The dissertation should be of not more than 15000 words in length. It should be printed legibly on A4 paper, using one side of the paper only, in 12-point type, one and a half or double spaced and with margins of at least 2 cm. The dissertation title page should bear, at the top of the page, the author’s name, the approved title of the dissertation and the degree for which it is submitted. The supervisor’s name should appear at the bottom right hand corner of the page. All submitted copies must be at least soft bound. Candidates should take particular care to ensure that the correct version of the text appears in each copy of a dissertation submitted, that the title corresponds to that approved by the Degree Committee, and that an identical copy is retained for reference. A dissertation must be a connected account of an MPhil student’s work, written by himself/herself.

The dissertation should contain a literature survey which may be partly based on the written assignments, but it is expected that the majority of the dissertation will deal with the research actually performed during the research period. The form in which the dissertation is presented and the care with which it has been prepared and illustrated are in themselves evidence of the candidate’s capabilities and will receive consideration as such. Apart from quotations (where appropriate) and recognised technical formulae, dissertations must be written in English and candidates are expected to show a reasonable command of the English language, to use a spellcheck facility, and to check their work carefully before submission. In submitting a dissertation, each candidate must state, generally in a preface and specifically in notes or in a bibliography, the sources from which his or her information is derived, the extent to which the candidate has availed himself or herself of the work of others, and the portions of the dissertation which the student claims as his or her own original work. The following declaration of originality should appear on the page following the title page:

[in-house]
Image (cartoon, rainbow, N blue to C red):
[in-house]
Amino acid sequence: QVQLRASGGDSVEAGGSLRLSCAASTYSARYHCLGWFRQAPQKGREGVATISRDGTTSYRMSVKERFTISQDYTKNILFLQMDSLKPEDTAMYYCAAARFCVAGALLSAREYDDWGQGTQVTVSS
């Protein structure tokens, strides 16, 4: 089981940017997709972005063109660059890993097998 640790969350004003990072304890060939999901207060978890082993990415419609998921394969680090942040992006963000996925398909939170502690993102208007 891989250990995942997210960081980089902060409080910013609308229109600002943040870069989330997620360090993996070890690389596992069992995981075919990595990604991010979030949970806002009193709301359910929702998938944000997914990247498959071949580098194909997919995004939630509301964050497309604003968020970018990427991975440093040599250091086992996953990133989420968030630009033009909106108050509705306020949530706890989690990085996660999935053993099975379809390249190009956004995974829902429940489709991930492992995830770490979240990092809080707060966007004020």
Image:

“This dissertation is substantially my own work and conforms to the University of Cambridge’s guidelines on plagiarism. Where reference has been made to other research this is acknowledged in the text and bibliography.”

In response to growing concerns over plagiarism in all University courses, each piece of submitted work must be accompanied by a standard cover sheet, including a signed declaration to the effect that the work is the student’s own unaided effort and meets the University’s guidelines and regulations on plagiarism which are outlined in Appendix C: Regulations on plagiarism.